CNBC: “According to the College Board’s 2018 Trends in College Pricing Report, from 1988 to 2018, sticker prices tripled at public four-year schools and doubled at public two-year and private non-profit four-year schools … During the 2018 – 2019 school year, the reported tuition at private non-profit four-year schools is an average $35,830. But in reality, many students end up paying far less. Here’s how. College ‘sticker prices’ include tuition, fees, room and board (TFRB) and do not account for scholarships, grants and tax benefits … students typically pay less than the published price.”
“In fact, the average net price of tuition and fees in 2019 is $14,610 at private nonprofit four-year schools. These students typically receive an average $21,220 in grant aid and tax benefits. Similar discounts are also in effect at public colleges. During the 2018 – 2019 school year, the reported sticker price for in-state students is $10,230 at public four-year schools, but the average net tuition and fees is closer to $3,740.”
However: “Many students underestimate the cost of living expenses when they go to college … more than a third of students struggle with basic needs such as food and housing. Prospective students also often overlook graduation rates when they are considering colleges, but they can be an important measures of a school’s quality and cost … just 40 percent of first-time full-time bachelor’s students earn their degree in four years, and only 59 percent earn their bachelor’s in six years … students may want to estimate what six years of tuition and fees will cost them at schools with low four-year graduation rates, and be mindful of planning their schedules and making the most of AP and other college credits.”
With so much attention diverting to the deep, dark underside of higher education, let’s take a moment to shine a light on a hometown hidden gem: Norwalk Community College. NCC may not project much as a status symbol, but it certainly deserves serious consideration by certain high-schoolers. Surprisingly, this includes the highest performing students.
Here’s why: The most selective universities favor applicants who not only take advantage of everything their high schools have to offer, but who also pursue additional opportunities above and beyond the norm. Students who want to impress dream schools with their passion for learning should think about enrolling in a high-level course or two at NCC. Their application will be all the more outstanding and memorable for it.
NCC is, of course, best known as a place for those who are just not quite ready for a four-year college experience. This could be because of academic issues, financial considerations, emotional state, or some other personal reason. For such students and others, NCC offers an attractive pathway to a four-year college. For one thing, it maintains a special arrangement with UConn, which guarantees transfer admission to NCC associate-degree graduates with at least a 3.0. Not bad! For another, it provides a low-cost way to earn college credits before transferring to a four-year school.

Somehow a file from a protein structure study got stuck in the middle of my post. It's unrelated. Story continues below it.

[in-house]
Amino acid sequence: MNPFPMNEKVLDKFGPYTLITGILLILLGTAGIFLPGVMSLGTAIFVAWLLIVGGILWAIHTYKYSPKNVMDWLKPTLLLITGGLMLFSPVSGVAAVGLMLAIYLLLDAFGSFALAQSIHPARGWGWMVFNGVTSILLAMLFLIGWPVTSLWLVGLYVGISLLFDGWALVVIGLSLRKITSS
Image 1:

At a two-year tuition cost of about $9,000, students can take care of basic college requirements on their way to a bachelor’s degree at one of America’s finer universities, up to and including the Ivy League. It’s a fact: NCC grads have been known to go onto Columbia, Yale and other highly selective schools. Indeed, many elite schools pride themselves on accepting community college grads.
Sadly, community colleges are often dismissed and even derided. That’s not only unfair, but outdated and just plain wrong. Right here, in our own backyard, is a local treasure, Norwalk Community College. Can you dig it?
The Boston Globe: “In boosting its academic profile, UMass is following the path previously taken by several local private colleges, notably Boston College, Tufts University, Boston University, and, most recently, Northeastern University … Still, there are different implications when the state’s flagship public university becomes less accessible. For starters, there are lots of parents who are dumbfounded — and furious — when their kids get rejection letters from UMass. After all, they grew up when the place was known as ‘ZooMass,’ a safety school more associated with call-the-cops ragers than academic rigor.”
“The acceptance rate for UMass Amherst hasn’t changed much — it’s 60 percent, down just a couple of points from when he arrived. But the pool has grown stronger. UMass is now attracting many more students who have the credentials to get into selective private colleges but go public because their families make too much money to qualify for significant financial aid, yet not enough to cover private tuition without signing on for lots of loans. UMass isn’t cheap — about $30,000 per year for in-state tuition, fees, and room and board — but that is less than half of the going rate at most privates.”